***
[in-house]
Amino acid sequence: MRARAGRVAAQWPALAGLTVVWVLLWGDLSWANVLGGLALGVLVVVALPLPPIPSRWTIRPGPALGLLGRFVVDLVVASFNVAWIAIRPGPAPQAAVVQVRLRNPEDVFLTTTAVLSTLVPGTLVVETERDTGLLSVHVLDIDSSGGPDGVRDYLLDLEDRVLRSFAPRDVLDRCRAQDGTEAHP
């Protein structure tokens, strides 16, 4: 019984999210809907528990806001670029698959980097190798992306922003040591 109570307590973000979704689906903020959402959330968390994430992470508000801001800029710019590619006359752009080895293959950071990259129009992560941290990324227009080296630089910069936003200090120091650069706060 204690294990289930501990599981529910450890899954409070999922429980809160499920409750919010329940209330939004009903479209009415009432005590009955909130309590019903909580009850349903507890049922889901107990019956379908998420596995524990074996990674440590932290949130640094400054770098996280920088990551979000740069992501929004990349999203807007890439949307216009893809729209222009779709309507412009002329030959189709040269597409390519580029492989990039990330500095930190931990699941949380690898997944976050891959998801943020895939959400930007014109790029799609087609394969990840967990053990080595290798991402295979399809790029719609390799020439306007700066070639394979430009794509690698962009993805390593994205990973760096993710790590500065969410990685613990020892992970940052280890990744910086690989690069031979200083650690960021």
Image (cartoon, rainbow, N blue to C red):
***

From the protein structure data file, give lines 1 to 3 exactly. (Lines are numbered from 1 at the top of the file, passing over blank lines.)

[in-house]
Amino acid sequence: MRARAGRVAAQWPALAGLTVVWVLLWGDLSWANVLGGLALGVLVVVALPLPPIPSRWTIRPGPALGLLGRFVVDLVVASFNVAWIAIRPGPAPQAAVVQVRLRNPEDVFLTTTAVLSTLVPGTLVVETERDTGLLSVHVLDIDSSGGPDGVRDYLLDLEDRVLRSFAPRDVLDRCRAQDGTEAHP
């Protein structure tokens, strides 16, 4: 019984999210809907528990806001670029698959980097190798992306922003040591 109570307590973000979704689906903020959402959330968390994430992470508000801001800029710019590619006359752009080895293959950071990259129009992560941290990324227009080296630089910069936003200090120091650069706060 204690294990289930501990599981529910450890899954409070999922429980809160499920409750919010329940209330939004009903479209009415009432005590009955909130309590019903909580009850349903507890049922889901107990019956379908998420596995524990074996990674440590932290949130640094400054770098996280920088990551979000740069992501929004990349999203807007890439949307216009893809729209222009779709309507412009002329030959189709040269597409390519580029492989990039990330500095930190931990699941949380690898997944976050891959998801943020895939959400930007014109790029799609087609394969990840967990053990080595290798991402295979399809790029719609390799020439306007700066070639394979430009794509690698962009993805390593994205990973760096993710790590500065969410990685613990020892992970940052280890990744910086690989690069031979200083650690960021």